New breakthrough in understanding Parkinson's
Scientists have discovered that nerve cells passing toxic chemicals amongst themselves could cause the disease. A paper in PNAS this week by UCSD scientist Paula Desplats and her colleagues has shed new light on the pathological process than underlies thedegenerative brain condition Parkinson's Disease. Sufferers develop muscle tremors and experience progressive difficulty with initiating movements. Studies on Parkinson's brains have shown that victims lose a population of nerve cells that produce the transmitter chemical dopamine. But associated with this cell loss is the accumulation of a pathological protein called alpha-synuclein, which builds up inside affected cells, eventually destroying them.
Scientists had expected this process to take a lifetime to occur but, intriguingly, when new dopamine-producing stem cells are injected into the brain to alleviate the disease these too quite quickly succumb to this destructive build up. But what causes this accumulation and how it is triggered in grafted nerve cells wasn't known...until now. In an elegant series of experiments the UCSD team showed that when healthy nerve cells are cultured alongside a second group of nerve cells making a labelled form ofalpha-synuclein, the healthy cells pick up the labelled protein from theirneighbours. "The same thing happens with stem cells, including when healthy stem cells are injected into the brain," explains Desplats.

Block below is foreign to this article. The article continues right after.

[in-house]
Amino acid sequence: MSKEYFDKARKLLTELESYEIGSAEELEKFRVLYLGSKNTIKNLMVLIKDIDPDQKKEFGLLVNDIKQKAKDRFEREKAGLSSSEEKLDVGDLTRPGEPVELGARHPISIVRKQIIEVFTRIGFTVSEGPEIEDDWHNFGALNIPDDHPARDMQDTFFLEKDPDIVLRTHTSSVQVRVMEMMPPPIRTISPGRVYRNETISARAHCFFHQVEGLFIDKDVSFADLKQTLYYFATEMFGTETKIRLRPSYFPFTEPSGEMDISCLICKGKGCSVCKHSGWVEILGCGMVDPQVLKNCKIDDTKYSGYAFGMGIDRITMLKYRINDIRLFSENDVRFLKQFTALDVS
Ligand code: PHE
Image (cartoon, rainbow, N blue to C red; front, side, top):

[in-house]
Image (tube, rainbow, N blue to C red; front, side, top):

The alpha-synuclein, it seems, is exported from affected cells and imported into healthy cells by a process called endocytosis. Once inside the healthy cell the alpha-synuclein seeds the accumulation of a new aggregate, eventually compromising the cell. This discovery sheds new light on how Parkinson's disease may manifest and why, ultimately, the disease also beings to affect other brain circuits in addition to the dopamine-producing system. "Now that we have identified this process it could open up a new avenue to discover ways to stop this inter-cellular trafficking of this pathogenic protein," Desplats points out.